Y9 (Low intermediate)


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Tell stories


How can we make listening more enjoyable and effective for pupils? How can we turn it from a potential chore to something more memorable (and therefore more likely to stick in their long term memories)? I am of the opinion that since humans are "wired" to engage in personal listening and speaking (the expression "social brain" has been used in this context), they may be more interested and attentive when the message comes from a real person rather than a disembodied audio source. (This may or may not be relevant, but research has been carried out which demonstrates that babies pick up phonological patterns better when they listen to a caregiver rather than listen to a tape or watch a video - see here for summaries of research into this area by Patricia Kuhl.)

One easy way to make listening stimulating for pupils is to tell them easy stories in the target language. I was reminded of this while reading Penny Ur's book 100 Teaching Tips (reviewed here

New GCSE resources on frenchteacher

As well as writing resources for the new A-levels, I have in recent months been posting a good range of materials to support the new GCSEs. First exams are not until 2018, but here is what you can find on the site in addition to the many other resources (grammar exercises, texts, video listening etc).

I shall not produce vocabulary lists since the exam board specifications now offer these, with translations.

Foundation Tier 

AQA-style GCSE 2016 Role-plays
AQA-style GCSE 2016 Photo card conversations
AQA-style GCSE 2016 Photo card conversations (2)
100 translation sentences into French (with answers)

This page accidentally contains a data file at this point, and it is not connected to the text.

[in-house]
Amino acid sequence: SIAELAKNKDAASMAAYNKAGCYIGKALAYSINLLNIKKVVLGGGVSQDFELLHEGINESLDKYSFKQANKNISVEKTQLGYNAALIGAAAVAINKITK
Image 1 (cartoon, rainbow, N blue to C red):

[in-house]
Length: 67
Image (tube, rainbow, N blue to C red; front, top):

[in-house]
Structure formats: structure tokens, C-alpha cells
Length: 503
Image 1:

Reading exam
Reading exam (2)
How to write a good Foundation Tier essay (ppt)
How to write a good Foundation Tier essay (Word)

Higher Tier 

AQA-style GCSE 2016 Photo card conversations (Higher tier)
AQA-style GCSE 2016 Photo card conversations (Higher tier) (2)
20 translations into French (with answers)
Reading exam (Higher tier)
How to write a good Higher Tier essay (ppt)
How to write a…

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"Finally, a book for World Language teachers that provides practical ideas and strategies that can actually be used in the classroom, rather than dry rhetoric and theory that does little to inspire creativity in ways that are engaging for both students and teachers alike." (USA teacher, Amazon review)

The Language Teacher Toolkit review

We were delighted to receive a review of The Language Teacher Toolkit from eminent applied linguist Ernesto Macaro from Oxford University. Macaro is a leader in the field of second language acquisition and applied linguistics. His main research interests are teacher-student interaction and language learning strategies pupils can use to improve their progress.

Here is Professor Macaro's review:
The Language Teacher Toolkit is a really useful book for language teachers to either read all the way through or dip into. What I like about it is that the authors Steve Smith and Gianfranco Conti are totally upfront about what they believe to be good practice but back it up with research evidence. So for example the ‘methodological principles’ on page 11 are supported by the research they then refer to later in the book and this approach is very similar to the one that we (Ernesto Macaro, Suzanne Graham, Robert Woore) have adopted in our ‘consortium project’( The point i…

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1. My weekend

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You tell the class you are going to recount what you did last weekend and that they have to make notes in English. The amount of detail you go into and the speed you go will depend on your class. Talk for about three minutes. If you spent the whole weekend marking, you can always make stuff up!